Solid Earth

Solid Earth

Goddard Space Flight Center airborne campaigns are highlighted in a recent Capital Weather Gang article in The Washington Post. The article describes the novel coronavirus's impact on scientific research and field campaigns.

Since the 1960s, scientists from NASA and NOAA, using a combination of satellite, aircraft and balloon measurements, have worked together to study the ozone layer, which acts like a sunscreen for Earth, blocking harmful ultraviolet rays emitted by the Sun.

After nearly two decades, the Sun has set for NASA’s SOlar Radiation and Climate Experiment (SORCE), a mission that continued and advanced the agency’s 40-year record of measuring solar irradiance and studying its influence on Earth’s climate.

Science Highlights

Pervasive ice sheet mass loss reflects competing ocean and atmosphere processes

GEDI Mission Early Success

Model Planetary Boundary Layer Heights and Ground-Based, Airborne, and Satellite Lidar Data Provide New Insight on Air Quality


Modeling and Dynamics

Over the last decade NASA launched a series of satellites that offer an unparalleled view of Earth from space. That series, known collectively as NASA's Earth Observing System (EOS), has provided striking new insights into many aspects of Earth, including its clouds, oceans, vegetation, ice, and atmosphere. However, as the EOS satellites age, a new generation of Earth-observing satellites are poised to take over.

Field Campaigns

Space Missions


The Gravity Recovery and Climate Experiment (GRACE) is a joint partnership between the National Aeronautics and Space Administration (NASA) in the United States and Deutsche Forschungsanstalt für Luft und Raumfahrt (DLR) in Germany [Tapley et al., 2004].

Research Areas

Over its 40-year history of development and operation, the space geodetic technique called very long baseline interferometry (VLBI) has provided an unprecedented record of the motions of the solid Earth.

Since launch in 2002, data from the Gravity Recovery and Climate Experiment (GRACE) have provided a synoptic view of mass change associated seismic cycle and other processes [Figure 1}.  As part of the GRACE and now the GRACE-FO science teams,  we have studied the long-wavelength gravity signal associated with varied earthquakes, including the great subduction zone earthquakes (e.g. Sumatra, 2004; Maule, Chile, 2010, and Tohuku, Japan, 2011), as well as strike-slip and normal faulting events that also produce discernible gravity changes (e.g. 2012 Indian Ocean earthquakes, Han et al., 2015).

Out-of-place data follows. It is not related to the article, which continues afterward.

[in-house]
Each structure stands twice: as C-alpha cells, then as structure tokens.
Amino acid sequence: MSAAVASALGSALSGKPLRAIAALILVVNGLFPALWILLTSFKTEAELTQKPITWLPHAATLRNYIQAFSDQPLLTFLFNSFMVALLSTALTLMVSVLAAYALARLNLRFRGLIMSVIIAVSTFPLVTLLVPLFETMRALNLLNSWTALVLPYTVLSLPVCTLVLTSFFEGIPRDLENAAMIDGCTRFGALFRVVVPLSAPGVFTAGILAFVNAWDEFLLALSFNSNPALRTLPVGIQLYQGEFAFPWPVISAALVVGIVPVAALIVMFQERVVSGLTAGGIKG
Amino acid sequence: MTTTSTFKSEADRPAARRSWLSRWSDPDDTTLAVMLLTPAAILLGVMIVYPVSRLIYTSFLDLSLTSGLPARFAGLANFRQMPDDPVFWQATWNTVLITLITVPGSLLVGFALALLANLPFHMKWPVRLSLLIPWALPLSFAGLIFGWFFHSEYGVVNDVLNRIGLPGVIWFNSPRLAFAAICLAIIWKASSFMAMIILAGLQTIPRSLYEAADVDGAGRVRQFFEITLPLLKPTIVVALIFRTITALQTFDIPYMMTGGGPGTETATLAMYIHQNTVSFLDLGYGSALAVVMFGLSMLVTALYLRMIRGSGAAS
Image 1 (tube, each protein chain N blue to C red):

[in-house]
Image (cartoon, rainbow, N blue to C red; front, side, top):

Earth possesses a strong magnetic field that is originated from the Earth’s fluid outer core (the intrinsic field). This field accounts for more than 95% of the magnetic energy of the observed geomagnetic field at the Earth’s surface. Its temporal and spatial variations hold some of the key knowledge of Earth’s deep interior properties, of interactions and responses between the fluid core and the solid Earth, and of the Earth system evolution history.


Data Files

For more than four decades, satellite laser ranging (SLR) measurements have been monitoring changes in Earth’s dynamic oblateness, C20, which is the largest component of Earth’s time-variable gravity field. The launch of GRACE in 2002, and subsequent launch of GRACE-FO in 2018, has revolutionized the ability to track mass fluxes at a spatial resolution of 300-500 km. Early in the mission, however, GRACE-derived estimates of C20 were deemed unreliable, as evidenced by a non-geophysical 161-day periodic signal and trend estimates that differed significantly from those determined with SLR. Throughout the mission, SLR-derived C20 estimates have been used to replace the values obtained with GRACE.


Over its 40-year history of development and operation, the space geodetic technique called very long baseline interferometry (VLBI) has provided an unprecedented record of the motions of the solid Earth. VLBI is unique in its ability to define an inertial reference frame and to measure the Earth's orientation in this frame. 



​SWATOnline is a web application developed for hydroclimatic application to leverage data sharing capabilities employing current web technologies.  The SWATOnline web app can be duplicated, installed, and hosted anywhere.  The work presented in this web app represents an effort to lower technical barriers for the Soil and Water Assessment Tool (SWAT) model through using open source web development, web services, and cloud storage technologies.